Here is a simple p element that contains text.

<p class="center">Here is some text that should be centered</p>

And here is the CSS:

.center {text-align:center}

And here is what it looks like:

Preview: centeringex.html

You may think that it is the p element that has been centered, but you'd be wrong. It's actually the inline contents of the p element, an anonymous inline block, if you can stand the CSS parlance, or simply the text itself (if you can't), that is being centered. The p element itself is not centered.

How can you tell? We'll set the width of the p element to 60%, and then set the background color to yellow, so you can actually see it.

.center {text-align:center; width: 60%; background: yellow}

Preview: centeringex.html

You can now clearly see that the p element is still aligned left (which is the default in most browsers and ereaders) even while the inline text that it contains is aligned center within the p element.

Centering block-level elements

So how do you center a block-level element? The canonical way is to set the right and left margins to auto. According to the CSS spec, when both left and right margins are auto, they should be equal, and thus the item will be centered. And don't forget that unless your block element has a width that is smaller than the window size, you won't be able to tell if it's centered or not.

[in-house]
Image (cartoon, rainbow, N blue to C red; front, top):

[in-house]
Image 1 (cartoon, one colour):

So, to center our p element, we'd have this:

.center {text-align:center; width: 60%; background: yellow; margin-right: auto; margin-left:auto}

And we would get this:

Preview: centeringex.html

This works on most major browsers and ereaders:

Centering-iBooks iPad

And is converted properly for Kindle Fire:

Kindle Fire Previewer - CenteringAcrossEreaders

(Regular Kindle doesn't support width and thus can't center a block-level element at all.)

CSS bug in ADE, NOOK, etc.

Unfortunately, ADE, and the ereaders based on it (like NOOK, NOOK Color, and presumably Sony Reader though I didn't test this last one), don't properly interpret the auto value for left and right margins, and the result is that the blocks are not centered:

NOOK Color centering

Independence of alignment of contents and of the block that contains them